In fact, largely because of the Casey decision, which was decided in 1992, 33 states have taken the opportunity to pass abortion informed consent statutes. It should also be noted that 21 of these states include a brief waiting period, which Casey upheld as constitutional.
As mentioned earlier, informed consent legislation does not prohibit a single abortion but it will, nonetheless, likely reduce the number of abortions performed. According to a recent study by the Heritage Foundation, those states that adopted informed consent laws during the 1990’s, experienced statistically significant larger reductions in abortion rates than the states that did not adopt such legislation. While there are a number of factors contributing to abortion rates that also cannot be ignored, including economic and demographic factors, the Heritage Foundation study highlights the important practical impacts of this pro-life legislation on reducing the number of abortions.
In conclusion, the proposed abortion informed consent legislation debated in the Arizona Legislature this year is an extremely reasonable piece of legislation that achieves many pro-life objectives. These objectives are not only aimed at protecting unborn children, but are also very much concerned with providing consumer protection from unscrupulous doctors not interested in the health and dignity of the woman.
Regardless of one’s personal or political beliefs, it is almost inconceivable that anybody would oppose a woman’s right to make an informed choice on such an important matter. Perhaps for this reason, after nearly a decade of unsuccessful attempts, the Legislature is finally on the verge of passing one of the most important bills it will ever consider.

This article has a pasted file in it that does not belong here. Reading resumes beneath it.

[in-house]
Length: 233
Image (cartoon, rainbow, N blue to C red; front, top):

It is the fervent hope of the Arizona Catholic Conference, that both the Legislature and the Governor look past the high-powered politics surrounding abortion and make 2004 the year it enacts this common sense legislation.
On February 26th, the House of Representatives gave final approval to the abortion/informed consent legislation by a 32 – 27 vote. This bill (SB 1077) will soon be transmitted to Governor Janet Napolitano who will decide whether to veto the bill or allow it to become law.
Bishop Olmsted has issued the following statement in this regard:
Bishop Olmsted Statement On
Abortion/Informed Consent Legislation
After nearly a decade of previous attempts, the Arizona Legislature has finally passed important legislation (SB 1077) pertaining to abortion/informed consent. I want to extend my heartfelt gratitude to all of the legislators, regardless of their party affiliation, who voted in support of this measure.
Despite the unfortunate decision in Roe v. Wade, SB 1077 is, nonetheless, significant because it will likely reduce the number of abortions performed and give needed consumer protection to women from unscrupulous abortion providers. I believe that both of these outcomes are good public policy. Consequently, I am hopeful that Governor Janet Napolitano will allow this common sense legislation to become law.